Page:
The Global Forum of Latin America and the Caribbean, which was held at Fordham University in New York, closed yesterday Friday with a warning about the importance of Latin American leaders getting closer to the new generations and working to stop the deterioration of democracy in Latin America .
“In the last 15 years we have lost nine democracies in the region,” commented the regional director of International IDEA for Latin America and the Caribbean, Daniel Zovatto, on the last day of the event organized by the Global Democracy and Development Foundation, chaired by former president Dominican, Leonel Fernandez.
Fernández recommended “strengthening the role of political parties in the region” and opined that political formations should better manage social networks to promote a Latin American democracy “that guarantees freedom, social justice, peace, progress and well-being.” According to data from Latinobarómetro, 51% of the region’s citizens would not mind living in a non-democratic country if it offered them the results they want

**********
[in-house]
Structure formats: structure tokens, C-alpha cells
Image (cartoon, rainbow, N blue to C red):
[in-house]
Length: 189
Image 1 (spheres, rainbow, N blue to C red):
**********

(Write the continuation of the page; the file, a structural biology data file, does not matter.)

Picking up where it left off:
“We run the risk that the discomfort of the people on the street turns into a discomfort with democracy,” Zovatto said.
The director of Human Rights Watch in the Americas division, Tamara Taraciuk, spoke about the situation in El Salvador: “President Bukele has dismantled democratic institutions in a very short time, he governs through Twitter and he does it very effectively.” .
The Salvadoran president recently announced that he would stand for re-election against the constitutional articles that prohibit chaining mandates. “The governments of the region should not support regimes that do not defend the independence of the judiciary, the press and civil society,” Taraciuk stated.
As for Haiti, the former president of the Dominican Republic said that “at present it is a collapsed state because although it has suffered from chronic political instability.” Economic problems and challenges have been discussed on several occasions during the global forum.
“We are the most unequal region in the world and where this inequality is most noticeable is in women,” said the regional director of UN Women for Latin America and the Caribbean, María Noel Vaeza.
“70% of the parliamentarians in the region are men and we will not have better democracies if there is no active participation of women,” said Vaeza.